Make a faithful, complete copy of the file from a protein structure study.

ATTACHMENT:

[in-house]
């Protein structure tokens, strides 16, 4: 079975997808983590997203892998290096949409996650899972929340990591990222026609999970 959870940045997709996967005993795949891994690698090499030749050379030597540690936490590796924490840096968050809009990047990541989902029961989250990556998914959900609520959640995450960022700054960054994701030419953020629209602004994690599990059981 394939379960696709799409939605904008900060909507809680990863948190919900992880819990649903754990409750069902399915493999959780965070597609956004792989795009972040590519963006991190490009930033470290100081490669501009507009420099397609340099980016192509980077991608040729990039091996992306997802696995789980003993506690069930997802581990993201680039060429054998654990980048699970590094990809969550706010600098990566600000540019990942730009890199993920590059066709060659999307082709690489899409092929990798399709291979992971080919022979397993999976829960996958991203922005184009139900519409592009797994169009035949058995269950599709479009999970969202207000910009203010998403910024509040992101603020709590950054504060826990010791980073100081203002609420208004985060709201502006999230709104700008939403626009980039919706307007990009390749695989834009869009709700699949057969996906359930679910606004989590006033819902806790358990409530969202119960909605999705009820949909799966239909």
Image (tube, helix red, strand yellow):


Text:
[in-house]
């Protein structure tokens, strides 16, 4: 079975997808983590997203892998290096949409996650899972929340990591990222026609999970 959870940045997709996967005993795949891994690698090499030749050379030597540690936490590796924490840096968050809009990047990541989902029961989250990556998914959900609520959640995450960022700054960054994701030419953020629209602004994690599990059981 394939379960696709799409939605904008900060909507809680990863948190919900992880819990649903754990409750069902399915493999959780965070597609956004792989795009972040590519963006991190490009930033470290100081490669501009507009420099397609340099980016192509980077991608040729990039091996992306997802696995789980003993506690069930997802581990993201680039060429054998654990980048699970590094990809969550706010600098990566600000540019990942730009890199993920590059066709060659999307082709690489899409092929990798399709291979992971080919022979397993999976829960996958991203922005184009139900519409592009797994169009035949058995269950599709479009999970969202207000910009203010998403910024509040992101603020709590950054504060826990010791980073100081203002609420208004985060709201502006999230709104700008939403626009980039919706307007990009390749695989834009869009709700699949057969996906359930679910606004989590006033819902806790358990409530969202119960909605999705009820949909799966239909």
Image (tube, helix red, strand yellow):